Once your chile is all blended up (and if it looks too thick, add more chile water)  pour it into a fine screened strainer over another bowl.  Take a big spoon and work it down over the strainer until you can't get any more to go through.  Some recipes don't tell you to do this,  they go straight to sauce after blending, but if you don't get the skin and seeds out, you will probably need some Pepcid later.  Just tellin' ya.

So now you've got a bowl of pure chile.  Isn't it beautiful?  Do you have a sweater or something you want to dye?

Alternatively, you can use a food mill, such as this trusty old stand-by.  It belonged to my Grandmother!


Take a pan and put a chunk of butter in there, say the size of a small egg.  Or you could use lard.  Yes, lard.  Then put in an equal amount of flour.  Then a pinch of comino or ground cumin.
I say a pinch because cumin is very powerful and I just like a tiny bit of it in my sauce.  You may want more, especially if you grew up in Arizona or eating Tex-Mex, which isn't the same as our Southern New Mexican food.  In my opinion, all that garlic and cumin just muddies up the taste, and possibly was needed where you didn't get good chile.  You want to taste the chile.

Let the cumin toast while the butter melts.  Then mix it all together and let the flour cook a bit.

Then pour your pure chile in there, be careful not to have your pan too hot.  We don't want spatters.
Now, this part is controversial.  Or  just personal preference.  But I think adding another liquid at this point is preferable, mainly because you need to stretch out your sauce a little.  I personally like to use chicken broth.  About the amount of a small can is enough.  My dear Auntie likes to put in tomato soup.  Lots of people want just water.   But I think chicken broth is best and it mellows the bitter bite of the chile just enough.

Also, now is the time for a half-dollar size amount of salt.   You will need to check the taste, though.  If you love chile, you might swoon.

Okay, so when the sauce has thickened to the point it coats a spoon, you're done.   That was easy, wasn't it?
Next installment:  Assembling the Enchiladas.

Friday, November 20, 2009

The Right Tool for The Job.

It took me a long time to finally break down and buy another mellon baller.  I know I had one at some other house, and can just imagine myself saying, "I never use that.  Out it goes."  And out it went along with some other stuff I had quit using like a potato ricer, plastic immersible egg timer, glass anti-boil-over device, etc., etc.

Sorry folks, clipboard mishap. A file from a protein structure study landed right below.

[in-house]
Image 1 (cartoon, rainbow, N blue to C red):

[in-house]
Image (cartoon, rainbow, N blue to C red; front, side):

Then I started wondering why I had tossed it.  They are good for so many jobs.  So I bought another one, an OXO.  Eight bucks! I was mad at myself, but not mad enough to punish myself any longer by not having the right. tool. for. the. job.

Here's something you really need one for.  Baked apples.  And this is how I make them.
Start out with big fat Rome apples.   That's what my Mom told me and that's what I get.  Wash'em up good.

Then take your big side of the mellon baller and scoop out a ball around the stem.  Isn't that so pretty and white?
Then switch over to the small side and scoop out the seeds and the tough middle stuff.

 The girls outside really liked eating the part that I scooped out.

Then take your large side and dip it into the brown sugar twice.  Put the sugar into the apple each time.
Turn the baller over and press the cup side into the sugar to smoosh it down.  Then sprinkle clove, ginger, and cinnamon over the sugar. 

Then take the large ball side and scoop a nice little butterball out of the butter, and top off the spices.

When you've got them done, you can just put them aside until you're ready to cook.  And by the way, this Costco Saigon Cinammon is wonderful.  Did you know Vietnam has the best cinnamon?

Put them in the oven for 40 minutes at 350 and they will be split open, buttery and sweet and smell delicious.
Just to be decadent, I put a little fresh whipped cream on top and served with a gingerbread blondie.   I love cooking in the fall.